Making a free-to-play game with microtransaction hooks isn’t new, but paying a buck or two for in-game currency is most commonly done in service of growing your virtual farm or aquarium faster. Either that, or you’re paying for cosmetic upgrades to your avatar. These practices can be a little silly and aren’t necessarily accompanied by deep gameplay, but at least they’re fairly transparent.
There are certainly games that aren’t so transparent, though, and Spice Bandits (formerly Spice Invaders) is one of them. Mechanically speaking, there’s nothing about this game that doesn’t feel artificially inflated. From its merely serviceable single-player levels to its underwhelming multiplayer modes, everything feels like it’s cruelly locked behind a paywall, even if there is a way to play this game completely for free. If you don’t dump any cash into Spice Bandits, you have hours of gameplay for nothing (which its own merit), but it’s a terribly grindy experience.
Like other entries in the tower defense genre, the game’s progression is most meaningfully marked on various upgrade paths, from better missile towers to skills like damage buffs and reduced building costs. While upgrading your skills and equipment in games is typically an empowering endeavor, Spice Bandits feels as though it’s implicitly taunting you about how weak you are, bullying you into an in-app purchase.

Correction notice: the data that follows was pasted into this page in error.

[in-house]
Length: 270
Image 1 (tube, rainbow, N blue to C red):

Your success in the game is mostly dependent on how much you’ve fleshed out your tech tree and upgraded your skills. Actual strategy is secondary at best, and– as the enemies come at you faster and stronger as you progress through the game’s pretty flat story arc– the new challenges the game throws your way mainly feel like reminders that you don’t have enough in-game currency to win yet. The in-game currency isn’t only spent on tech upgrades. You can also use various powers while you’re actually playing, but it’s hard not to read those buttons as simple ‘drain your in-game currency and buy more from us later!’ buttons.
Strategy on the field.
Fortunately, you level up even when you’re losing, so at least you can keep banging your head against the most difficult content you’ve unlocked rather than laboring in lower levels, which would be far less engaging. With each level-up, you’re given more upgrade points for your skills and money to spend on tech. Sadly, in our experience, you also have around a 25% chance of the game crashing.
Spice Bandits also has video advertisements, which can be gotten rid of if you pay $2.99 or more. Come to think of it, that’s a nice way to encapsulate our feelings about Spice Bandits. The game has annoyances, which can be gotten rid of if you reward the game’s developers for annoying you.